Scott Holstad's Reviews > Fumbling the Future: How Xerox Invented, Then Ignored, the First Personal Computer

Fumbling the Future by Douglas K. Smith
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it was amazing

I think this is an excellent overview of how Xerox created the first personal computer in 1973 and then did absolutely nothing with it, due to unbelievable incompetence, thus losing out on the biggest market share any company has probably ever seen and billions of dollars. It supplements Dealers of Lightning, which is an excellent book on Xerox PARC, the research facility behind the creation of the computer, and gives a behind the scenes look from the top level down of the company as a whole. Thus, I think the two books go well together, hand in hand. By 1973, PARC had created a system they called EARS (Ethernet, Alto, Research character generator, Scanned laser output). So, they invented ethernet, the PC (the Alto), the mouse, and the laser printer. They also produced the first bit mapped images on the first GUI displays, some of the first and easiest programming languages, the first easy to use text editor, and a host of other things. And all Xerox management did was pretend they didn't exist. Cause Xerox Sold Copiers!!! What the hell were computers anyway? They were just glorified word processors for secretaries. (Wouldn't that have given them enough business to start producing them?) By the time 1980 rolled around, it became clear that other companies were eating them for lunch and their market share had plummeted, and IBM was rumored to be investing in their own PC, so Xerox finally got serious. With the Star. Created by a group that was separate from PARC, Xerox's embarrassment. When the Star was released, it cost about $12,000 and needed a $30,000 printer and God knows what else. And it wouldn't run anyone else's software. Meanwhile all of these little Japanese companies were creating cheap PCs with standardized parts that could run anyone's software and use anyone's parts. The Star was a disaster. Xerox was never the same. I seriously hope the morons at the top learned their lesson. Finally, I noticed this book was published in 1999, although first published in 1988 by iUniverse, which is a self publishing company. I have no idea why these authors self published. In my opinion, this book is good enough for a traditional publisher to have snapped up and published. Maybe they were just impatient, I don't know. Regardless, it was a good book and certainly recommended for anyone interested in learning about the interesting history behind the first personal computer.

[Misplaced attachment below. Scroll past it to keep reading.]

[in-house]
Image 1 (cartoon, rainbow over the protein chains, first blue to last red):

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Reading Progress

May 5, 2015 – Started Reading
May 5, 2015 – Shelved
May 8, 2015 – Finished Reading

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message 1: by Paul (new) - added it

Paul Cooper Painful memories in 1987 trying to sell the Star (which by then was called the Documentor) for thousands of pounds


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